Elsevier

Nutrition

Volume 83, March 2021, 111089
Nutrition

Review
Prospective options of algae-derived nutraceuticals as supplements to combat COVID-19 and human coronavirus diseases

Highlights

Spirulina-derived bioactive compounds possess antioxidant, antiinflammatory, immunostimulatory, and immunomodulatory properties

Natural antioxidants, antiviral compounds, and angiotensin-converting-enzyme inhibitors from Spirulina indicated their potential role as an immune potentiator and therapeutic agent

This review postulates the potential role of Spirulina-based nutraceuticals in combating coronavirus diseases

Abstract

The outbreak of the coronavirus disease of 2019 (COVID-19), caused by severe acute respiratory syndrome coronavirus 2 that has created huge trepidation worldwide, has a mortality rate of 0.5% to 1% and is growing incessantly. There are currently no therapies and/or vaccines that may help abate this viral disease, but the use of masks and social distancing can limit the spread. Boosting immunity has been a simple way to resist viral infection and limit fatalities. In this context, the use of nutraceuticals appears to be a potential panacea. The ability of algae-based nutraceuticals, mainly Spirulina, to boost immunity against viral diseases has already been reported clinically. Spirulina-based nutraceuticals boost the adaptive and innate immunity, and bioactive compounds, such as angiotensin-converting enzyme (ACE) inhibitor peptides, phycobiliproteins, sulfated polysaccharides, and calcium-Spirulan, can serve as antiviral agents. The presence of these molecules indicates its potential role in resisting infection and COVID-19 disease progression. This review focuses on the potential role of algal nutraceuticals as immune boosters to combat the human coronavirus and other viral diseases. The potential use of Spirulina-based nutraceuticals for combating COVID-19, its mechanism, and future directions have also been discussed.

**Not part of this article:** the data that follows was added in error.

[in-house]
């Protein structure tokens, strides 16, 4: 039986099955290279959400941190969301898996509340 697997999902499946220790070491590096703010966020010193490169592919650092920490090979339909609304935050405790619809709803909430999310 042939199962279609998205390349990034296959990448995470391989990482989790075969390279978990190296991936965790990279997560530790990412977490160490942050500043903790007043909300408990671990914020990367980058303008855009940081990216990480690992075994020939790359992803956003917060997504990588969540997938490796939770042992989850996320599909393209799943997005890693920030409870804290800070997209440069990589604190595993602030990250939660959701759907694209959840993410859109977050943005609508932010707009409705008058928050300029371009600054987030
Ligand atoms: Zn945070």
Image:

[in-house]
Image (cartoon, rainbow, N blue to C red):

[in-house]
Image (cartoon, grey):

Keywords

Algae
Nutraceuticals
Immune-booster
Antiviral
Coronavirus
COVID-19
View Abstract